Court Of Appeal Finds Employer Cannot Be Vicariously Liable For Employees' Treatment Of A Whistleblower And Rules On Causation In Whistleblowing Cases

Key facts

The claimants expressed concerns to their manager about a colleague who they believed was exaggerating his qualifications. Relationships within the workplace subsequently broke down and the employer redeployed the claimants. The claimants brought claims in an employment tribunal that they had been subjected to a detriment by the employer as a result of making protected disclosures. The tribunal accepted that the claimants had made a protected disclosure and had been subjected to a detriment, but found that the detriment had not been a result of the protected disclosure. Rather, the employer had taken the only feasible action to resolve dysfunctional working relationships. The claimants appealed to the EAT, which held that the tribunal had applied the wrong test in considering the connection between the protected disclosure and the detriment; the correct test was whether the protected disclosure "played no more than a trivial part" in the application of the detriment. The employer appealed to the Court of Appeal.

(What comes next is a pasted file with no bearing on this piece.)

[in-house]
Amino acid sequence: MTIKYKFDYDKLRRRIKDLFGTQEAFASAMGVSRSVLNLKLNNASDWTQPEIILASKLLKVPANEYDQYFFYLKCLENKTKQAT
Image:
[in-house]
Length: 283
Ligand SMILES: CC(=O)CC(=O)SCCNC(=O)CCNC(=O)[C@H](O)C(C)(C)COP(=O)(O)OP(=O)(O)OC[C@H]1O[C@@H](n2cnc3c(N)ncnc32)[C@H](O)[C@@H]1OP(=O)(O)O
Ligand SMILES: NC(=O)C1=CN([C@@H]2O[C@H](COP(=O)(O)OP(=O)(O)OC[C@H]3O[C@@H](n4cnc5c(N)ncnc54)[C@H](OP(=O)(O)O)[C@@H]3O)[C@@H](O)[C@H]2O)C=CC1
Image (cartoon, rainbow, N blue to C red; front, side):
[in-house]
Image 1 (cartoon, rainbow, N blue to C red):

The decision

The Court of Appeal found that there was nothing in the tribunal's judgment that was inconsistent with the causation test applied by the EAT and the claimant's whistleblowing complaints were therefore rejected. It confirmed...

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